By making Roth contributions for a few years during teenagerhood, your kid can potentially accumulate quite a bit of money by retirement age.


But realistically, most kids won’t be willing to contribute the $6,000 annual maximum even when they have enough earnings to do so.


Try talking a teenager into saving a significant amount of money instead of spending it all. Good luck! Be satisfied if you can convince your child to contribute at least a meaningful amount each year. Here’s what could happen.


  • Say a 15-year-old contributes $1,000 to a Roth IRA at the end of each year for four years. Assuming a 5 percent annual rate of return, the Roth account would be worth about $33,000 in 45 years, when the child is 60 years old. If you assume a more optimistic 8 percent return, the account would be worth about $104,000 in 45 years.


  • Say the child contributes $1,500 at the end of each of the four years. Now the Roth account would be worth about $49,000 in 45 years, assuming a 5 percent rate of return. With an 8 percent return, it would be worth about $155,000.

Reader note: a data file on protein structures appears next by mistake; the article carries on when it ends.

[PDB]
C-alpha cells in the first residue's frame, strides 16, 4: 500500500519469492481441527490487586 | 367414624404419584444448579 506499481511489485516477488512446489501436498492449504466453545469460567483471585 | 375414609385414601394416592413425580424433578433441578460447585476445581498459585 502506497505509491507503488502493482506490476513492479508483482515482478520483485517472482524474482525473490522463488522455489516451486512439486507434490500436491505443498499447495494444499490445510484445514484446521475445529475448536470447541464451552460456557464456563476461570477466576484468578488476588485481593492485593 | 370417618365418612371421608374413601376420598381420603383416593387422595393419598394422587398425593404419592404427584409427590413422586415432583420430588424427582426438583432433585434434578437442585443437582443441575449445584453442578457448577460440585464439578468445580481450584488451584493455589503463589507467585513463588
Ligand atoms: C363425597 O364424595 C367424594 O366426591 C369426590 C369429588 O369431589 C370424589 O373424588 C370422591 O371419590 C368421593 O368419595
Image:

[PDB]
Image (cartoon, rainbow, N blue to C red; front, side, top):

• Say the child contributes $2,500 at the end of each of the four years. Assuming a 5 percent return, the Roth account would be worth about $82,000 in 45 years. Assuming an 8 percent return, the account value jumps to a whopping $259,000. Wow!


You get the idea. With relatively modest annual contributions for just a few years, Roth IRAs can be worth eye popping amounts by the time your “kid” approaches retirement age.


What About Contributing to a Traditional IRA?


For a kid, contributing to a Roth IRA is usually a much better idea than contributing to a traditional deductible IRA.


That’s because your child can withdraw all or part of any annual Roth contributions—without any federal income tax or penalty—to pay for college or for any other reason. Remember, that refers to contributions, not earnings. You or your child generally cannot withdraw Roth earnings tax-free before age 59 1/2


In contrast, if your child makes deductible contributions to a traditional IRA, your child must include all subsequent withdrawals in gross income. Even worse, your child’s withdrawals from a traditional IRA before age 59 1/2 suffer a 10 percent penalty tax unless an exception applies (one exception is to pay for qualified higher-education expenses).


Advice. Even though your kid can withdraw Roth contributions without any adverse federal income tax consequences, the best strategy is to leave as much of the Roth account balance as possible untouched until retirement age and even later to accumulate a large tax-free chunk of money


“What about tax deductions for traditional IRA contributions?” you ask. “Isn’t that an advantage compared to Roth IRAs?” Good question.